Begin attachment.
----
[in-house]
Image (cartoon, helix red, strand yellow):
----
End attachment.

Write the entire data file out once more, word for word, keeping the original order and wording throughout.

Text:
[in-house]
Image (cartoon, helix red, strand yellow):